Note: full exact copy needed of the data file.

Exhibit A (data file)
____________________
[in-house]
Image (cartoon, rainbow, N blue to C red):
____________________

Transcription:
[in-house]
Image (cartoon, rainbow, N blue to C red):